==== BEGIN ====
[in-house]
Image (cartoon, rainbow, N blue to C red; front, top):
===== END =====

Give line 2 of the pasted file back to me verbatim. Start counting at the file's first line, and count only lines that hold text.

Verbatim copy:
Image (cartoon, rainbow, N blue to C red; front, top):